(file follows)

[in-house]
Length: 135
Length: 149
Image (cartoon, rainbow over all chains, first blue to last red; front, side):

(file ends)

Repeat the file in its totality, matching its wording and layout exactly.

[in-house]
Length: 135
Length: 149
Image (cartoon, rainbow over all chains, first blue to last red; front, side):